The church historian John W. O’Malley tells us in the introduction to Vatican II: Did Anything Happen? that its essays deal with basic interpretative questions: “Did anything of significance happen at the council? If so, what? So what? And, what methods will help answer these questions?” He then points to a second and more specific issue addressed by each of the essays: “How continuous or discontinuous was Vatican II with previous councils, with previous teachings and practices?” This proves to be a critical question for each author, because there exists today a strong current in the church that insists on the council’s absolute continuity with the Catholic past. Each of the book’s four contributors takes on this interpretation and challenges it. In addition to preparing the readers for the essays that follow, O’Malley also provides excellent theological/historical background on Vatican II that opens the door for a wider readership.
In “Vatican II as an ‘Event,’” Joseph A. Komonchak, who teaches at The Catholic University of America, focuses on three terms that help to explain what we mean by Vatican II: event, experience and final documents. The term “event,” which is treated in depth, is understood as a “noteworthy occurrence, one that has consequences.” Komonchak provides examples of such consequences as well as ample evidence why Vatican II has come to be perceived as an event in this sense. Yet, as he points out, opinions are not unanimous in this regard. Three kinds of interpretation of the council can be found in contemporary evaluations of Vatican II, with only two of them agreeing that it was an event, a departure of some sort from the past. Both the progressives and the traditionalists agree—for different reasons—that the council was indeed an event, a turning point in Catholic history. The third interpretation, the reformist view, resists accepting the eventful character of the council as a break with the tradition. In his discussion of the council as event, Komonchak views Vatican II as an episode in a larger story—one that does not end with its closing in 1965 but is still being played out in our own time.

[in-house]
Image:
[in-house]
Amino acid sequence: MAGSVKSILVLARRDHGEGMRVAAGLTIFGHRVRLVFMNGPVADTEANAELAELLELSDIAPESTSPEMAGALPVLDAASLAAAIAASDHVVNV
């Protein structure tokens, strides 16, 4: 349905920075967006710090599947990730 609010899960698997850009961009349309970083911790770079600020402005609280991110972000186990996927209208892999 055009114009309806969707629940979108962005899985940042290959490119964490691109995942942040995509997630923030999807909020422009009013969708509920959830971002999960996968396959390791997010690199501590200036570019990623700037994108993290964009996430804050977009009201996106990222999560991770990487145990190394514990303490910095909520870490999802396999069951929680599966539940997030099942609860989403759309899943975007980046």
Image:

The starting point for John O’Malley’s article, “Vatican II: Did Anything Happen?” was the challenge recently issued by Cardinal Camillo Ruini regarding the use of the term “event” as a way of describing Vatican II. O’Malley’s response looks at the literary genre of the documents. He claims that attention to this demonstrates the special character and the significant turn promoted at Vatican II, a turn that resulted in a new model of the church and of its style for carrying out its mission to the world.
O’Malley maintains that something significant did happen at Vatican II and offers the reader some of the extraordinary ways the council was “discontinuous” with the 20 councils that preceded it. He notes that change happens even in the church. To maintain otherwise is to claim that the history of the church makes no sense and has no relevance. The whole issue of development of doctrine was central to the Second Vatican Council. And, as O’Malley points out, “development is a soft word for change. It presumes continuity. It also presumes discontinuity.”